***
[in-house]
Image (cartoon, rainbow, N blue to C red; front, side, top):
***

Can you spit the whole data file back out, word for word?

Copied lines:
[in-house]
Image (cartoon, rainbow, N blue to C red; front, side, top):